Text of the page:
Friday, August 13, 2010

Seep-y and Fen-ish

If you've paddled the upper Jack's Fork since the end of the Pleistocene, you've likely seen the 200 foot high moist limestone/dolomite cliffs that line the river from the Prongs to Alley Spring, rich cliffs loaded with vegetation often associated with fens and seeps in the Ozarks.

In Missouri we have four distinct fen natural community types: prairie fen (cf. Grasshopper Hollow and Kaintuck Fens), Ozark (in which marly fens--those little wet areas at toeslopes on limestone/dolomite glades--are a subtype), forested (rare, only one left in public ownership), and glacial (restricted to the Central Dissected Till Plains). We have two types of seeps, acid seeps (found in the Ozarks and in southeast Missouri on Crowley's Ridge) and saline seeps (never seen one; most abundant in Saline, Pettis, Cooper and Howard Counties--Big Rivers country). The variations that exist between each natural community type are many, based on substrate, availability of (usually mineralized) groundwater, location on the landscape, slope, and other factors. In fact, as is the case with all of our natural community types, fens and seeps can't be described very succinctly, which is why each one consumes 2-4 pages each in the comprehensive book, The Terrestrial Natural Communities of Missouri.

But there's common ground between fens and seeps in the plant communities. Grass of Parnassus can be found in fens as well as some seeps, two species of the elegant yellow flowered Lysimachia are found on seeps and fens alike, and I've seen the white umbellate Oxypolis rigidioron a fen and in a seep. But back to the Jack's Fork, many of the traditional plants of fens and seeps can be found clinging to the side of a moist, weeping cliff face.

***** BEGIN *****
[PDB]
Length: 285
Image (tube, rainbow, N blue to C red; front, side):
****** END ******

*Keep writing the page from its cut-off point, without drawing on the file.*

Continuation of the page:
I've written once or twice before about the glacial relict plant populations that exist on these moist cliffs, a handful of plants that can be found nowhere else in the state in populations as large as they are on cliffs along the Jack's Fork. In the instances of the rare-in-Missouri Campanula rotundifolia, Aster furcatus and Trautvetteria caroliniensis, the Jack's Fork is the only place you'll find them, plant populations protected by the high, cool, north- and east- facing cliffs and cold water. As climate change occurs as it will, some of these Pleistocene relicts may cease to exist in Missouri.

As you pull your canoe over to a cliff to check out the plants supported by little else but constant seeping water supply and mosses, you may wonder, too, whether these small and restricted areas along the river classify as fens or seeps. These cliff faces harbor a mineralized water source as water percolates through the rock, and many of the plants found here are fen- and seep-loving plants.

It has been decided, not by myself, that the cliff face communities with fen and seep plants found along the Jack's Fork, the Eleven Point and even on parts of the upper Current Rivers are neither fens nor seeps, they're seep-y, but not seeps, and they're fen-like but not fens. These restricted and curious communities are officially classified as a microhabitats of Moist Limestone/Dolomite Cliffs, a community variation within a greater community. According to The Terrestrial Natural Communities of Missouri, moist limestone/dolomite cliffs are "relatively intact because of their inaccessibility to grazing animals. Where grazed by goats, exotic plants have invaded cliff edges and ledges, especially in northern Missouri." Rock climbing and rappelling are particularly damaging to these areas, and overzealous botanists wanting to collect rare plants can also damage the viability of these fragile communities.


Bill said...

I can't remember if it was the Buffalo. No I think it was the Jack's Fork where we smelled a bluff-side flowering, late one afternoon. I've smelled wild grape flower so strong and gaudy that I've craned my neck expecting to see a gaggle of teen girls strolling the lane of a state fair. The bluff-side flowering made me think more of a riverside coming out party, an after dark Monet's La Grenouille. That was years ago. My Pleistocene visualization ability is a work in progress for sure.

Allison Vaughn said...

I bet it was the wild hydrangeas in June...